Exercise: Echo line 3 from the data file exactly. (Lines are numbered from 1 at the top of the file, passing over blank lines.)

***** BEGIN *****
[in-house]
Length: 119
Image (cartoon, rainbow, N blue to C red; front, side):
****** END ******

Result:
Image (cartoon, rainbow, N blue to C red; front, side):